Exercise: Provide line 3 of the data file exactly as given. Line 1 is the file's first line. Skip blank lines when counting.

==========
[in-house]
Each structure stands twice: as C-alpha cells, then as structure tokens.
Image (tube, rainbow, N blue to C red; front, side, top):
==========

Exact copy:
Image (tube, rainbow, N blue to C red; front, side, top):